A Cannon Mystery


During Memorial Day weekend, we attended a family cookout in Coleman, Michigan.  We were shockingly early for the scheduled gathering, so we spent a few minutes at a playground.  This cannon has been displayed at Coleman’s park since at least the 1950s.  My mom remembers playing on it when she was a child.  Last year, I posted a photo of Christian and Rebecca on the cannon, and wondered of its origin. Sadly, no plaque is posted on or near the cannon.


Cannonballs and my feet.  Yes–socks with sandals.  Comfy.


Christian prepared to fire the cannon.  I’m certain that Rebecca was assisting with some vital function.


With these photographs, I commenced research.


According to my entirely untrained eye and Google, the cannon displayed in Coleman appears to be a Dahlgren Smoothbore.  These naval guns were utilized in…

the Civil War!


IX-inch Dahlgren shell gun. Total length, 131.975 inches; weight, 9200 pounds; total production, 1185 at Alger, Bellona, Fort Pitt, Seyfert, McManus & Co., Tredegar, and West Point 1855-64; known survivors, 53. Fort Pitt Foundry also made 16 for the Army in 1861 with no known survivor. Extremely reliable and widely used throughout the U.S. Navy, none is known to have burst in service.

The Encyclopedia of Civil War Artillery

I’m assuming that the 9193 lbs. imprinted on “our” cannon is close enough to the 9200 pounds listed in the description of the 9-inch Dahlgren.  And I’m wondering if the FP. indicates that this cannon was produced at the Fort Pitt foundry?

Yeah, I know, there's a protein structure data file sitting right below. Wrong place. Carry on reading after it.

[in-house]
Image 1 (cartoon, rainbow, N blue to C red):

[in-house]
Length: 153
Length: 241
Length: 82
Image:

Dahlgren Smoothbores

Dahlgren’s soda-bottle-shaped naval pieces were the ultimate refinement in smooth-bore muzzle-loader design. They constituted nearly the entire armament of the Union coastal ironclads, and a number of the riverine ironclads as well.

The 9″ was used by both sides in the war, the Confederates having captured 52 at Norfolk (Gosport) Navy Yard. Dahlgren guns were commonly known by the Roman numerals of their calibers.

Ironclads and Blockade Runners of the American Civil War

We’re just beginning our study of the Civil War, so this “identification” is especially exciting [at least for the teacher]!


Now, I’ll be quiet while you peruse more of our adventure in Coleman.









One thought on “A Cannon Mystery

  1. Cynthia says:

    Gotta love history! And, I also enjoy research! Isn’t it nice when you find something that ties in with what you’re studying, have studied, or are about to study? (LOL). That about covers everything, doesn’t it?

    Oh.. and it’s just barely warm enough here to break out the sandals, but not quite warm enough to wear them all day so we wear ours with socks, too!

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